by Melissa Harris-Perry
Anne Ferber (01/15/12): Ms Harris-Perry, professor at Tulane University, is well known to those who follow the elite, liberal media. She is a regular contributor to Nation Magazine and MSNBC where she will begin airing her own show Feb 4. Sister Citizen is a comprehensive, highly focused exploration of the "intentional misrecognition of black women" throughout history and today. The model she uses is the crooked room, taken from field placement studies where a subject is put in a room with crooked walls, floors, furniture and told to find the upright. Obviously, the visual cues will make this most challenging or, perhaps, impossible.
Ms Harris-Perry's style is warm, conversational and inviting in spite of the fact that she is describing a particularly heinous set of judgments. Three streotypes dominate the misrecognition: The hypersexual Jezebel, the self sacrificing Mammy, and Sapphire, the angry black woman. Basing her conclusions on many academic studies, focus groups as well as literature and current events, she presents a convincing argument within a polemic that is educational, not necessarily blaming.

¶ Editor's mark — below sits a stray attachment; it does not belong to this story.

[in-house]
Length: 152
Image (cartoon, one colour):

An additional stereotype, the strong black woman, is now emerging. Based on the achievements and successes in all areas of endeavor--business, political, educational, entertainment--black women must now contend with allowing themselves to feel vulnerable, in need of help,finding suitable partners, all part of the human struggle, but a threat to the self imposed strong image. Ms Harris Perry seems to be saying "proceed with caution; standing in the crooked room is an ongoing process and must be attended to with inner resources to keep the upright in view."
I highly recommend this book as a tool for understanding and exploring the never ending search for what
it means to be a human being.